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Operating a GSM USB modem with the Wolfram Language

This is a continuation of a series of posts where I have illustrated how one can control a GSM module with the Wolfram Language.

In the two previous posts

Controlling a GSM module with the Wolfram Language

Using the Wolfram Language in a geo-location device

I explained how it is possible to send and receive SMS messages and find the remote location of a Sim908 GSM module attached to a R-Pi computer. The point of this post is to show how the Wolfram Language enables us to do similar tasks with a standard USB modem attached to any computer. Of course since a USB modem does not include a GPS, the geolocation is not possible but sending or receiving of SMS is possible and one can use the Wolfram Language to write programs to control computers remotely by sending them SMS messages.

USB modem

USB modems are not expensive and they are used to access high speed Internet networks with computers located in any place with cellular network coverage. A USB modem receives and sends its instructions by means of Hayes commands in a way explained in the above posts.

Here we need to adapt the code written for these cases to the present situation. The examples which we describe here were carried out in a Linux box but I expect that they can be carried over with computers running other operating systems. When a USB modem is hotplugged to a Linux computer a number of character devices are created. The precise devices can be found by executing the command dmesg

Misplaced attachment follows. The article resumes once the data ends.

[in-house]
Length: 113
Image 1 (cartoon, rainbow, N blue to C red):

# dmesg

and examining its output. Sometimes it is necessary to carry out some previous configuration in order to have the modem detected, see for example here for some guidance. In this example the devices are "/dev/ttyUSB0" and "/dev/ttyUSB1" (in other cases there might be more or might have a different name). Next we need to find out which of these devices can be used to send the commands. Usually "/dev/ttyUSB0" can serve to this purpose but if this does not work for you try another one until you find a character device which works (in this post I shall use "/dev/ttyUSB0").

To be able to interact with the modem we create first channels to send Hayes commands and read their response

serialwrite = OpenWrite["/dev/ttyUSB0", BinaryFormat -> True]

serialread = DeviceOpen["Serial", {"/dev/ttyUSB0", "BaudRate" -> 115200}]

We use the stream serialwrite as the channel to send in the commands and the device object serialread to read the commands response. For example:

(* Send in command AT *)
BinaryWrite[serialwrite, "AT\r"];

(* Read the command response *)
FromCharacterCode@DeviceReadBuffer[serialread]

In this fashion we can adapt the code used in previous posts to the present situation. For example the following code will enable us to read and send SMS with the modem:

(* Send the PIN number of your SIM card *)

BinaryWrite[serialwrite, "AT+CPIN=****\r"];

(* If the PIN is correct the response should read OK *)

FromCharacterCode@DeviceReadBuffer[serialread]